Both domestically and in wholesale dollar funding to the Eurodollar shadow market, the Fed has failed to produce growth in the real economy because the expansion of the money supply is hidden in useless excess reserves that cannot be touched, not making its way to real lending, and real economic growth going forward. The new normal continues, some say by design.
Jeffrey P. Snider has said at his blogs that the IOER is just dead money, and I wrote above that he said it was not even base money. Well, Dr Selgin has just shown us that the Fed has indeed done a dirty deed by design! The Fed made it appear it was loosening monetary policy/providing accommodation, while all the while it was tightening!

This chart refers to interest on reserves paid to the banks by the Fed. The interbank lending started to dive in late 2008 as the crisis hit, and Lehman failed September 15th, which is the first vertical line, but rebounded slightly until Bernanke started paying IOR. But then IOER totally put an end to much interbank lending, and plunged the nation into a Fed induced financial catastrophe not seen since the Great Depression.

Scott Summer reamed the Fed about IOR back in 2017 with this astonishing statement:

The decision to adopt IOR helped to prevent the Fed from achieving its policy goals, by making the Great Recession more severe than otherwise.  That’s not just my opinion; unless I am mistaken that’s the implicit message of Bernanke’s memoir, where he indicated that, in retrospect, the Fed did not move quickly enough to cut rates in the fall of 2008.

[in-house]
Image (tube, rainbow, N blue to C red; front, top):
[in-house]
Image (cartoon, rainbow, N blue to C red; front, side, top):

The world would be a better place today if the Fed had never instituted its policy of IOR in 2008.  I really don’t see how anyone can seriously dispute this claim.

The world would be a better place! And Bernanke knew he was liquidating and didn't care enough to stop it. It hasn't been the first time this liquidation has taken place. Try the Great Depression.

I believe it certainly pains George Selgin to see and expose this behavior as the nature of the Fed. Certainly, the Fed is incompetent, and behind curves and should do NGDP Targeting, etc, etc, etc. But all that does not explain the heart of the matter, that the Fed is indeed a conspiratorial dirty lowdown organization. It misprices risk and then liquidates the inevitable mistakes caused by the mispriced risk and speculation! It financially rapes main street when the cronies need to make a little money.

Moving on with Selgin's blog post, we see that he goes on to ream the Fed for saying that banks could find other safe assets that pay more than IOER. Selgin's relentless analysis pounds the Fed as he shows there are no safer assets than IOER! He says: